What is the central question being asked in The Great Gatsby?
The central question in F. Scott Fitzgerald's The Great Gatsby is whether the elusive American Dream can ever be achieved. The second to final paragraph of the novel illustrates this question clearly:
"Gatsby believed in the green light, the orgastic future that year by year recedes before us. It eluded us then, but that’s no matter—tomorrow we will run faster, stretch our arms further . . . And one fine morning—"
Gatsby's green light included two things: 1. Wealth and 2. Daisy. Just having one of the two was not good enough for Gatsby. However, both his wealth and his relationship with Daisy were illusions. Gatsby probably never had as much wealth as his mansion suggested, but was rather a central figure in a larger criminal scheme. However, even if his wealth was legitimately gained, he was never going to be able to have Daisy as his, no matter his wealth, the fact that he wasn't always rich reduced his status in her eyes.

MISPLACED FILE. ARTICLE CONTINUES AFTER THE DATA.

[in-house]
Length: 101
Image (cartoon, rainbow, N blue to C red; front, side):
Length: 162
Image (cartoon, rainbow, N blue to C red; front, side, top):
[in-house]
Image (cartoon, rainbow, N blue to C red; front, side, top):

With The Great Gatsby, Fitzgerald's major comment is this: wealth and status in America are illusory, but people try to reach that illusion every day. But how can one achieve an illusion?